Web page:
Modeling of Growth Kinetics
Genetically Structured Models
Gene transcription models aim at quantifying gene transcription based on knowledge of the
promoter function. Among the best-studied promoters is the so-called lac-promoter of
E. coli
which takes part in regulating expression of genes that are involved in lactose uptake, i.e., lactose
permease and P-galactosidase. Understanding the regulation of this promoter represented a major
breakthrough in molecular biology, and the history of how the mechanisms were unraveled is an
excellent introduction to modem molecular biology (Muller-Hill, 1996). The lac-promoter is also
of substantial industrial interest as it is often used to drive expression of heterologous genes
encoding recombinant proteins in
E. coli.
The three genes coding for enzymes necessary for lactose metabolism in
E. coli
are coordinated in a
so-called operon, and gene expression is coordinately controlled by two regulatory sites positioned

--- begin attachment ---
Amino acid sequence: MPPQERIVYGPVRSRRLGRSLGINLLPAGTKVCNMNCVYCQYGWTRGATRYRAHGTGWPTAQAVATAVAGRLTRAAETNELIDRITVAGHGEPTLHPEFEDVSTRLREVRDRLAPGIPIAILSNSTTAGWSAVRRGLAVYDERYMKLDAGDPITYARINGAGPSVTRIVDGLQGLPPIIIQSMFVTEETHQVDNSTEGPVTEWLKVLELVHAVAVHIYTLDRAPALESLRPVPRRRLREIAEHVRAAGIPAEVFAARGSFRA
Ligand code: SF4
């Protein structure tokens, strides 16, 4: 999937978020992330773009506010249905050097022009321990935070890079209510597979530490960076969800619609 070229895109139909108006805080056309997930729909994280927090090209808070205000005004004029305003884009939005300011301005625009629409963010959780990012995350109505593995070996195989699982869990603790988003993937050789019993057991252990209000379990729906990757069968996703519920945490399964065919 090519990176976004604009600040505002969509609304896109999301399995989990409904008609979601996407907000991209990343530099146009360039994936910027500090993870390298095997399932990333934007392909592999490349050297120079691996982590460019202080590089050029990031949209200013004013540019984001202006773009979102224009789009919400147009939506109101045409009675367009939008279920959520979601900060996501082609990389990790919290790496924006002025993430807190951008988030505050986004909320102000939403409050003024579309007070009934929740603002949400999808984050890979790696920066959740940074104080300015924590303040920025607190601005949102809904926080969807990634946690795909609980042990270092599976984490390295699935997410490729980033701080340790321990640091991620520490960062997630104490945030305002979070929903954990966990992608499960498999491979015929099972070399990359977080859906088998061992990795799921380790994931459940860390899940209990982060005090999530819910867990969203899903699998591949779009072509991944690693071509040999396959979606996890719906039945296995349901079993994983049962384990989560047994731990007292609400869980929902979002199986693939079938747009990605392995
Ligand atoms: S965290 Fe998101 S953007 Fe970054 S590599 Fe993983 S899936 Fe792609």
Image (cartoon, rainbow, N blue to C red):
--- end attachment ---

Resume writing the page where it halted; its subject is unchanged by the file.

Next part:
upstream of the genes (see Fig. 7.16):
Control at the operator by a repressor protein.
Carbon catabolite repression at the promotor.
The repressor protein
has two binding sites - one site that specifically ensures binding to the
operator (A'o) and one site which may bind lactose (S’
,*.). When lactose binds to the repressor protein,
its conformation changes so that its affinity for binding to the operator is significantly reduced.
Thus lactose prevents the repressor protein from binding to the operator, and transcription of the
genes by RNA polymerase is therefore allowed. Consequently, lactose serves as an inducer of
transcription; i.e., expression of the three genes
lacZ, lacY,
is not possible unless lactose
(or another inducer, e.g. isopropyl-P-D-thiogalactoside, abbreviated IPTG) is present.1
The binding
of the repressor protein to lactose and the operator may be described by reactions (7.44), where
n =
4 is the number of binding sites for lactose on the repressor protein.
+ nSlac
X rnStac
X 0 + X r <r> X oX r
X 0X r + nSlac£ X oX rnSlac
X a + X rnSlac<-> X 0X rnSlac
More precisely, the regulatory molecule is a lactose isomer, allolactose, that acts as an inducer. This species is
in situ
by P-galactosidase, which transforms lactose to allolactose. Thus, P-galactosidase, which is actually
under the control of the
operon, also has to be expressed constitutively at a basal level as a primer o f the
induction sequence.
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